Society

Gun country

Last century, firearms flooded into New Zealand with returning servicemen, and during peacetime guns became synonymous with an honest, healthy way of life in the hills. Now, there are thought to be 1.5 million firearms in New Zealand—one for every three people—used as conservation or farming tools, or simply for sport. To some, firearms symbolise self-sufficiency and responsibility. To others, they’ll never be more than instruments of death. But is this issue as clear-cut as it seems?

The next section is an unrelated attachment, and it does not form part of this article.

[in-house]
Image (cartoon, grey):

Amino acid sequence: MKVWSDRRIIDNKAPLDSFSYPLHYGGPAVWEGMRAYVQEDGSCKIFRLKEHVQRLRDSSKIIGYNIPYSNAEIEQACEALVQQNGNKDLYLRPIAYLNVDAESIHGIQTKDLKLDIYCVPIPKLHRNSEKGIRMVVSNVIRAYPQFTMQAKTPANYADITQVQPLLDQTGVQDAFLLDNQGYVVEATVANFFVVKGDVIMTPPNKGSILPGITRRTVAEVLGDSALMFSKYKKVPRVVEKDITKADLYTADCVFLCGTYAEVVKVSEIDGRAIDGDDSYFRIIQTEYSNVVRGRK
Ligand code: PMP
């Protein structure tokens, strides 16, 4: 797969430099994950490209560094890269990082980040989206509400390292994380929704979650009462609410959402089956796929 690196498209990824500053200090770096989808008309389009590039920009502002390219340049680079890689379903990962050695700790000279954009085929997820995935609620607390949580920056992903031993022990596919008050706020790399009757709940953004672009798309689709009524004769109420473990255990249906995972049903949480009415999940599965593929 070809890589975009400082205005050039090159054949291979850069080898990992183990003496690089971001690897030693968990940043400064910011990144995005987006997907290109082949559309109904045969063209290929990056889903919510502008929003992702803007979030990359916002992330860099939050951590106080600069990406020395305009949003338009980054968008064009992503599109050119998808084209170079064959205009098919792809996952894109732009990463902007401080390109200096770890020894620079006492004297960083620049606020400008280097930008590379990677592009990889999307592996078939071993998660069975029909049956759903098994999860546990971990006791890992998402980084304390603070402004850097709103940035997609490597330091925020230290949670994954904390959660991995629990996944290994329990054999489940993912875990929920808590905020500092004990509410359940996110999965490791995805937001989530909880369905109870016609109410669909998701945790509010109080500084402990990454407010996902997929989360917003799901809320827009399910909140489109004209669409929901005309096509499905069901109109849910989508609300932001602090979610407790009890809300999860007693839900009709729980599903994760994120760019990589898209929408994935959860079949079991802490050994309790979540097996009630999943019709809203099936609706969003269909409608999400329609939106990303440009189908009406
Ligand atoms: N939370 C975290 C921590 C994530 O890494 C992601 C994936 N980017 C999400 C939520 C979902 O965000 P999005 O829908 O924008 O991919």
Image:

Archive

Living World

Fallen from grace

The rarest bird in this country is the fairy tern, with perhaps 36 adults left in existence. It’s got everything going against it: weather, cats, its own DNA, and the fact that humans love the white-sand beaches where it raises its young. Only a small group of people, many of them volunteers, stand between it and oblivion. What will we lose if it vanishes altogether?

Living World

Lizards anonymous

Many of our skinks and geckos are so new to science that they don’t even have names. Much of what we do know about our lizards is thanks to an amateur herpetologist from Invercargill with no academic training.

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